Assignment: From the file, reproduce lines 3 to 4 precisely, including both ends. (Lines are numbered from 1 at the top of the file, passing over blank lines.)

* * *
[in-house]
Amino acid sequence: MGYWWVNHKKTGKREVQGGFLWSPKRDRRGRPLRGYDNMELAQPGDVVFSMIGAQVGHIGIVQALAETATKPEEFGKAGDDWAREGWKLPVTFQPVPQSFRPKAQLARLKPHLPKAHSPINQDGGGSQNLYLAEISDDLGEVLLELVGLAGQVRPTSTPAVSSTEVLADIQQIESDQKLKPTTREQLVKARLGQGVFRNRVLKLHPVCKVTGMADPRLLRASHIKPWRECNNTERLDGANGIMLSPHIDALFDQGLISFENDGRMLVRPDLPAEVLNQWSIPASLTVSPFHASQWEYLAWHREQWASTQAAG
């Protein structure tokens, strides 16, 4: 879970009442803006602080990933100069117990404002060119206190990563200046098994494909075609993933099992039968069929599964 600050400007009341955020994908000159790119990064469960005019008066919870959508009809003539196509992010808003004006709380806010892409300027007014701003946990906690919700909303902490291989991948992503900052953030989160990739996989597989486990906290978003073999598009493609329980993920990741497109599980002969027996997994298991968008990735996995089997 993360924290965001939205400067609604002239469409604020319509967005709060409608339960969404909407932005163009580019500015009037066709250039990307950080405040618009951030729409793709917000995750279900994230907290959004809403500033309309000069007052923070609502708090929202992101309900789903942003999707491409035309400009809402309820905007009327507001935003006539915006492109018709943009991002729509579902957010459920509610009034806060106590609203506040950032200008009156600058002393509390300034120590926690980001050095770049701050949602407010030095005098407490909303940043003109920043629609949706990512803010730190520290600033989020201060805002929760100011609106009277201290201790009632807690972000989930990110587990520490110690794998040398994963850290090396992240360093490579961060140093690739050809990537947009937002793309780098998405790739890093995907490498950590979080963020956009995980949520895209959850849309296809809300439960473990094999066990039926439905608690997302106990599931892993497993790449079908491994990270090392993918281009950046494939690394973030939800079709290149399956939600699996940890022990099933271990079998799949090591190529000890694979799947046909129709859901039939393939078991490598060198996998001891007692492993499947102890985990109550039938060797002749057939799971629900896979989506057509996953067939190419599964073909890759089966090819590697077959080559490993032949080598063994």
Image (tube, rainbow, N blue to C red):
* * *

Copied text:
């Protein structure tokens, strides 16, 4: 879970009442803006602080990933100069117990404002060119206190990563200046098994494909075609993933099992039968069929599964 600050400007009341955020994908000159790119990064469960005019008066919870959508009809003539196509992010808003004006709380806010892409300027007014701003946990906690919700909303902490291989991948992503900052953030989160990739996989597989486990906290978003073999598009493609329980993920990741497109599980002969027996997994298991968008990735996995089997 993360924290965001939205400067609604002239469409604020319509967005709060409608339960969404909407932005163009580019500015009037066709250039990307950080405040618009951030729409793709917000995750279900994230907290959004809403500033309309000069007052923070609502708090929202992101309900789903942003999707491409035309400009809402309820905007009327507001935003006539915006492109018709943009991002729509579902957010459920509610009034806060106590609203506040950032200008009156600058002393509390300034120590926690980001050095770049701050949602407010030095005098407490909303940043003109920043629609949706990512803010730190520290600033989020201060805002929760100011609106009277201290201790009632807690972000989930990110587990520490110690794998040398994963850290090396992240360093490579961060140093690739050809990537947009937002793309780098998405790739890093995907490498950590979080963020956009995980949520895209959850849309296809809300439960473990094999066990039926439905608690997302106990599931892993497993790449079908491994990270090392993918281009950046494939690394973030939800079709290149399956939600699996940890022990099933271990079998799949090591190529000890694979799947046909129709859901039939393939078991490598060198996998001891007692492993499947102890985990109550039938060797002749057939799971629900896979989506057509996953067939190419599964073909890759089966090819590697077959080559490993032949080598063994």
Image (tube, rainbow, N blue to C red):